Notice of Appeal - Submission Template
Appeals to the Academic Board are written submissions - called a "notice of appeal". Before submitting a notice of Appeal, you must have attempted to resolve the issue through the applicable University process.
Our templates can help you make a start on the submission. Include all the necessary information and draft an argument based on the ground/s discussed above. We have two templates for Appeals to the Academic Board:
- if you are appealing a Course Academic Progress Committee (CAPC) or 'Show Cause' decision, please use this template
- for all other issues, please use this template
We suggest you get in touch with us to read over your draft before you submit it to the University. You can contact us here. Attach the draft and all of the relevant documents related to this issue, so we get the full picture so we can give you meaningful feedback and advice.
What do the "grounds" for Appeal to the Academic Board actually mean?
As discussed above, you can only submit an Appeal to the Academic Board if you have exhausted all the other steps in the University process relevant to your situation and it is based 0n one of the grounds in the Student Appeals Policy.
A procedural irregularity is concerned with the University’s published policies and procedures. There are three aspects to basing your argument on this ground. First, you need to locate the policy/policies that relate to your circumstances and very clearly articulate what has gone wrong. Secondly, you need to illustrate how this procedural irregularity has caused you detriment. Thirdly, you need to explain how the previous decision made by the University about this matter have been unfair, that is, the ways in which they have failed to redress the issue. So, in effect, ‘a procedural irregularity that has contributed to an injustice having occurred’, which as the grounds also state, includes an unfair hearing.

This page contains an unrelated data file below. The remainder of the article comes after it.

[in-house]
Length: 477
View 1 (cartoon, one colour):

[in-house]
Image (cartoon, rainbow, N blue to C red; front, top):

The grounds of ‘new information’ is concerned with submitting information that was not included in the previous steps of the University process relevant to your situation. This information must meet specific criteria.
Firstly, the documentation you are submitting must probably (that is, more than just possibly) affect the decision made. The information cannot be trivial and must influence the decision in question considerably, and you must explain your rationale for why this is so when you submit it through an Appeal to the Academic Board.
Furthermore, it is essential that the information submitted could not have reasonably been provided at an earlier stage. In this sense, it’s not just about if the particular facts were known to the committee, but also whether proof of these factors couldn’t reasonably have been provided at the previous stages in the process. You will need to show the circumstances that prevented this documentation from being provided when the initial decision makers considered your case.
The grounds that the decision was manifestly wrong is not about whether you think the decision is the wrong one — of course you do, that’s why you want to Appeal to the Academic Board. This requires you to demonstrate how the decision deviates from the usual process or policy; or is unacceptable according to principles that policy represents. It’s not about how you feel about the decision, but how the decision is an objectively wrong when considering the applicable policy or whether all the facts of the matter were taken into consideration when the decision was made.
Decisions made by the University often have negative ramifications for those impacted by them and can feel incredibly excessive. However, this factor is not sufficient to argue this ground. This ground is concerned with how the impact of a decision has been excessive on you, in particular. In this sense, you must have specific circumstance that would make the impact excessive. In your Appeal to the Academic Board you must explain your circumstances and articulate how, given your situation, this specific outcome is excessive. For example, having your enrolment terminated would be difficult for anyone, so you need to identify what effect this particular outcome will have on you specifically that suggests the decision is excessive.